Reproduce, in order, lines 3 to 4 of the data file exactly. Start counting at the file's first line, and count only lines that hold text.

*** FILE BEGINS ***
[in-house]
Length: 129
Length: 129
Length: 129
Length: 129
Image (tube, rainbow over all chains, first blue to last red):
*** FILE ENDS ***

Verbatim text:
Length: 129
Length: 129